Mental illness and violence: Lessons from the evidence

Sherry Glied, Richard G. Frank

Research output: Contribution to journalReview articlepeer-review


The debate about addressing mental illness and violence often ignores key facts. Many people experience mental illnesses, so having had a diagnosed illness is not a very specific predictor of violent behavior. This means that many proposed policy approaches, from expanded screening to more institutionalization, are unlikely to be effective. Expanded access to effective treatments, although desirable, will have only modest impacts on violence rates. Most people with mental health problems do not commit violent acts, and most violent acts are not committed by people with diagnosed mental disorders.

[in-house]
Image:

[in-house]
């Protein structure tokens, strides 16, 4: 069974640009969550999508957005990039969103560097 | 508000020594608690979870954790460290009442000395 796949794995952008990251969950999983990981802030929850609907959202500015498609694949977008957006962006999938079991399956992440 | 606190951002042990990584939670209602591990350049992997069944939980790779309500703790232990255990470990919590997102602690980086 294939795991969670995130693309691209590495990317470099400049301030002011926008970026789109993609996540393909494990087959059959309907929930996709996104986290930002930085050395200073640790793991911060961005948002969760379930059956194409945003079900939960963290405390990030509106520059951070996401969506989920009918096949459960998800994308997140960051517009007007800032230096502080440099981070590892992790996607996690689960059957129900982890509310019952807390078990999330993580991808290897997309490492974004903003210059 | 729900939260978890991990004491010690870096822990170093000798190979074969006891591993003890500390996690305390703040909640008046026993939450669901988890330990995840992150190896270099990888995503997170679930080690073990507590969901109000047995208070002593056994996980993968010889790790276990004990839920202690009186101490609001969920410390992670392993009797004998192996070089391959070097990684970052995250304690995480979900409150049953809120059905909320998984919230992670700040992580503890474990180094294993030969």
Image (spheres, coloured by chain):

Original languageEnglish (US)
Pages (from-to)e5-e6
JournalAmerican journal of public health
Issue number2
StatePublished - Feb 2014

ASJC Scopus subject areas

  • Public Health, Environmental and Occupational Health


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